A wheat midge outbreak in Montana recently sent two entomologists on a cross-border hunting trip into Saskatchewan.
Gadi Reddy and Brian Thompson of Montana State University were collecting parasitoid wasps in Saskatchewan wheat fields to take back and release in the state’s wheat producing areas.
“Around six years ago we started to get wheat midge inside the golden triangle wheat production area of Montana,” said Thompson.
“Previous to that, wheat midge had entered the Flathead Valley and caused major economic losses to that wheat.”
He said producers see natural predators as a good alternative to using chemicals.
“Our growers in the Montana Wheat and Barley Committee are very interested in projects like these natural biocontrol programs for reasons like reducing pesticide use, reducing environmental impact of pesticides,” he said.
A wheat midge looks like a small orange fly. It emerge from the pupae stage in late June and early July.
Female insects lay their microscopic eggs during the evening in newly emerged wheat heads when conditions are humid. The larvae feed on the developing wheat kernels when the eggs hatch.
Parasitoids are insects the size of flakes of pepper that kill their wheat midge hosts. They lay even smaller eggs inside the midge larvae and eggs and devour their hosts when they hatch.
Timing is key in controlling wheat midge, said Owen Olfert, a research scientist with Agriculture Canada in Saskatoon, because wheat heads are susceptible to wheat midge only between heading and flowering.
“If farmers control the wheat midge during that narrow window, they are able to conserve the parasitoid populations out there as well,” he said.
“On average, the main parasitoid controls 30 to 40 percent of the wheat midge population every year in Saskatchewan.”
“That means a lot less insecticide is required during wheat midge outbreaks, and that implies less environmental impact as well.”
This is the second consecutive year that Reddy and Thompson have made field trips in Saskatchewan collecting the beneficial insects to take home and establish.
The first year they collected a population of macroglenes penetrans, the predominant parasitoid of wheat midge found in Saskatchewan.
This year they extracted a second complementary parasitoid insect, the Platygaster tuberosula species, which was successfully released in Saskatchewan at three locations 25 years ago.
“This year we came up to take what was released back in the 1990s and try to establish that parasitoid as well,” said Thompson.
“The idea is more parasitoids may cause synergism and control more of the midge population.”
The Montana researchers visited 25 fields in three regions of the province during their two-day trip, including Langenburg, where an abundance of parasitoids was found and collected. One particular field has not been sprayed with pesticides since the program began in the early 1990s.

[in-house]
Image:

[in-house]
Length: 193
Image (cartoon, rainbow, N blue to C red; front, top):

The researchers dragged sweep nets across the wheat canopy for about 15 minutes per field, picking up parasitoids and all manner of insects.
“There’s a lot of insects in a wheat field: spiders, lygus bugs, flies like you wouldn’t believe,” said Thompson.
While Gadi drove to the next field, Thompson sat in the back seat with a cage and pooter (collection bottle), aspirating parasitoids from other insects.
Thompson said a major challenge was figuring out how to keep parasitoids alive between capture in one country and release in another.
“Even the dry air the air conditioning creates is catastrophic to the insect samples,” he said.
“It took a lot of trial and error to keep them alive.”
Another difficult task was finding crops that were just starting to head so that wheat midges and parasitoids were present at the same time.
“We have the added problem that our crops are further along in Montana than they are here because of the latitude,” said Thompson.
“We had to find (Montana) farmers who had planted their crops late so they would be at the right stage to match up with the crops here.… They also had to have midge in their fields, which isn’t as big a problem as you think because the midge are pretty much everywhere down there now.”
Olfert said farmers are gradually reaping more benefits as parasitoids spread across Saskatchewan.
“There was a study in the 1990s that estimated farmers during those 10 years saved about $240 million by not having to spray (pesticides),” he said.
“If the wheat midge parasitoid diminishes the population below an economic level, farmers get a higher grade for their wheat.”
Added Thompson: “That’s not factoring in beneficial insects. Pesticides will kill just about anything… It’s hard to quantify how much that costs the farmers.”